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Top 10 Immunity Boosting Foods

With the end of the year fast approaching our energy levels are often low an our list of things to get done just seems to get longer by the day. This combination usually means a drop in immunity and the onset of stubborn coughs and colds.

Including some key immunity boosters in your daily diet will help to ensure you keep your immune system strong and healthy so you can keep enjoying the fun of the season.

Here are our top 10:

1. Citrus Fruits
Vitamin C is a natural immunity booster, increasing the production of white blood cells, which are needed to fight infections. All citrus fruit contain good levels of this vitamin so choose from grapefruit, lemons, oranges, limes and clementines. Be sure to include these on a daily basis as the body doesn’t store vitamin C so levels need to be regularly topped up.
If you’re suffering with a cold, add lemon juice and honey to tea for a comforting hot drink.

2. Red Capsicum
Not only does red capsicum contain high levels of vitamin C, it is also a rich source of beta carotene, a precursor of vitamin A. Healthy levels of vitamin A are needed for our immune function, healthy skin and mucus membranes, and good vision and eye health.

3. Broccoli
One of the healthiest vegetables available, broccoli is supercharged with vitamins and minerals. Packed with vitamins A, C, and E, together with several other antioxidants and fibre. To ensure you get the highest levels of nutrients, cook for as little time as possible or better still, enjoy raw with a dip.

4. Garlic
Not only a tasty addition to many dishes, garlic is found in almost every cuisine across the world. Even early civilizations recognised the value of garlic for fighting infections. Garlic can also help to lower the blood pressure and slow down the hardening of the arteries. A heavy concentration of sulfur-containing compounds, such as allicin give garlic is immune-boosting punch.

5. Ginger
Commonly used to reduce nausea, ginger is another powerful ingredient we often turn to after getting sick. Ginger may help decrease inflammation, (which can help reduce a sore throat) as well as other inflammatory illnesses. Often used to help decrease chronic pain, ginger can also help to lower cholesterol.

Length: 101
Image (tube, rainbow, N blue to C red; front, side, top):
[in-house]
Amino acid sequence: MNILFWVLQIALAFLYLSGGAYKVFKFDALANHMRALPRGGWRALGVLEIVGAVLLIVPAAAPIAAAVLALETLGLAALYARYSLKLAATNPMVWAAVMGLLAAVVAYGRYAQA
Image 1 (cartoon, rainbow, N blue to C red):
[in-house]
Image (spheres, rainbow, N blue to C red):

6. Spinach
Spinach is not only rich in vitamin C, it is also packed with antioxidants and beta carotene – key infection fighters. Like broccoli, spinach is healthiest when it’s cooked as little as possible, helping to retain its high levels of nutrients.

7. Yoghurt
Yogurts with active and live cultures (such as Greek yogurt) help to stimulate the immune system and fight diseases. Stick to plain varieties and sweeten with berries rather than purchasing the pre-sweetened varieties. Also a great source of vitamin D, which helps to regulate the immune system and boost our body’s natural defenses against illnesses.

8. Almonds
Sometimes overlooked, vitamin E is key to a healthy immune system. Being a fat-soluble vitamin, fat needs to be present to allow it to be properly absorbed. Nuts, especially almonds, are packed with vitamin E as well as healthy fats. Just half a cup of almonds provides 100% of the daily recommended allowance of vitamin E.

9. Tumeric
A key ingredient in curries, this bitter, bright yellow spice has also been used for many years as an anti-inflammatory in the treatment of rheumatoid arthritis and osteoarthritis. In addition, research shows that high concentrations of curcumin (which constitutes tumeric’s distinctive colour) can help decrease exercise-induced muscle damage.

10. Green Tea
Both black and green teas are packed with flavonoids, a type of antioxidant. Where green tea really excels is in its levels of EGCG (epigallocatechin gallate), another powerful antioxidant responsible for enhancing immune function. The fermentation process for black tea can destroy a lot of the EGCG so stick to green or white tea (better still) for higher antioxidant levels. In addition, green and white tea is a good source of the amino acid L-theanine, which helps in the production of germ-fighting compounds in T-cells.

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